program Tomorrows World,
expecting parking tickets is just
one of the normal hazards of his
job or of any journalist.
ITS JUST something you
grow to expect, Collin stated in
a heavy British accent. When
one is after a story, one doesnt
worry about parking legally, one
just parks wherever space is
available and hopes for the
best.
Collin, who was at UF last
week filming research segments
for the BBC show chalked up
another parking ticket at the J.
Hillis Miller Health Center when
he hoped for the best. He
parked in the admittance and
dismissal circle in front of the
Health Center which is clearly
marked as a towaway zone.
According to UF Chief of
Police Audie Shuler, one of the
two BBC rental cars was towed
away last Wednesday. The other,
which was in the process of
being towed, was released to an
unidentified person from the
Health Center to be moved to a
legal parking space.
IT WAS JUST a simple
mix-up, Collin said, which was
taken care of immediately. The
towaway charges were paid
promptly.
The cars were in a towaway
zone and the police had no way
of knowing who they belonged
to, Collin added, nor should I
have received any special
treatment. It isn't the first
parking ticket I've ever received
and I seriously doubt it it will be
the last.
Collin and his crew were at
UF filming three research
projects which use advanced
science and technology for his
BBC program.
WEDNESDAY AND
Thursday were spent at the Med
Center filming surgery,
laboratories and sleep research.
Collin filmed two story segments
at the Center.
The first project, dealing with
post-natal depression, is being
conducted by Dr. James
Karacan. It includes sleep
research on pregnant women and
the relationship of after-birth
depression.
Orthopedic surgery in a
pure-air environment was the
second project filmed for
Tomorrows World. It is being
conducted by Dr. William
Enneking and deals with
reducing the anxrtttiFif bacteria
in the air by removing suspended
particles which the bacteria
adhere* to.
IT WAS PARTICULARLY
interesting to me, Collin stated,

Ulic
)
llnhuTsitn is>hup
9 to 9 Doily
SAT. 'till 5:30

Qf(t juorbuoiiilt bobnsixo nssd
bemg cafried on in .the Stated
since not only its operation but
technique originated in
England.
On Friday, Collin moved his
filming equipment to Building I,
better known to Architecture
and Fine Arts majors as Grove
Hall. It was there he filmed the
third research segment from UF
for his show.
Assistant professors of
Architecture, Larry Peterson and
John Mcae are experimenting
with an electronic motor vehicle,
about 12 inches long. It pushes a
television or movie camera only
slightly longer, with it as it
travels carefully through models
of new buildings. This device is
being used so that the viewer can
actually tell what the building
will look like from the inside.
COLLIN EXPRESSED his
interest in the technique which

{UffQ STUFFED GREEN PEPPER 1.55 I
V JL tender whole green pepper stuffed with meat and
seasonings and baked in a zesty tomato sauce n
rMPrtT4? FRANKS AND SAUERKRAUT 1.55 I
m steamed franks, the juicest, tenderest ever, HM
w W w ith old-fashioned sauerkraut Hi
~W BARBECUED PORK CHOPS 2.15 ||B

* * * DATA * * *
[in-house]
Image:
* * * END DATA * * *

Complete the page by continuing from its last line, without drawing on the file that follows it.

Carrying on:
a center cut pork chops cooked
m in sty^e barbecue sauce
, f GOLDEN TRIED JUMBO SHRIMP 1.95 I
delicious gulf shrimp, deep fried and served
ffJLfRI IM I\ # w;i/i lemon wedge and spicy cocktail sauce
CRISPY FRIED CHICKEN 1.45
MT mmfw delicately seasoned and fried to
V crisp and golden brown U
VIV Ir< j\lg Jal 9/m choice t-bone steak 2.55 H
H JLiJkv jd char-broiled as you like it
l|U chur-broilcd t-> your fancy
creamy whipped potatoes buttered early june peas Dj
macaroni and cheese baked potato I
- Un| rv. buttered whole kernel corn
A V. ' 'J. *>- >l
Jerrys North JS

".mill &oih
Mpafcftnd Fete r sons weae using,
ml zioinso- tnsteftib
Collin used $25,000 worth of
color equipment while filming at
UF. He said that he likes to
make at least one trip each year
to the States for film ideas.
The UF research segments
should be broadcast within the
next month on Tomorrows
World. The basic format of the
show is magazine style
featuring four or five
unconnected stories each week.
CARRYING A VIEWING
audience of about eight million,
the BBC show is broadcast
f
during prime time of Friday
nights. It is carried over BBC
channel 1 which broadcasts
network programs of all varieties
and is in no way connected with
educational television.
Collin said the show is
interested in presenting a
peoples profile and appeals to

avail v-ifis-T
Professionals w£tfc?i
it, M-ddded, and swap ideas?
The show carries films of
people, research, gadgets or
anything that will have an effect
on tomorrows world. Collin also
filmed two projects at the
University of Texas; research on
a plastic airplane and a genetic
study on how cystic fibrosis can
be controlled.
Tomorrows World is
syndicated throughout the
I The jp Are 1
I Coming... 1
1 JP is not an I
j JOSH j

ad JO Til 1/1 Au v
British 1 £o^MonweasliCollin
explained, and segments of the
program are often picked up by
American Networks through
television enterprises in
London.
Also assisting Collin with his
filming assignment at UF were
Tom Ingle, another cameraman
who just completed filming the
Apollo 14 flight, and David
Lawton, sound recorder, both
with the BBC.
MODERN SHOE
REPAIR SHOPS
1620 W. UNIV. AVE.
370-0315
AND
101 N. MAIN ST.
3 70-0211
SOLES AH ACHED HEELS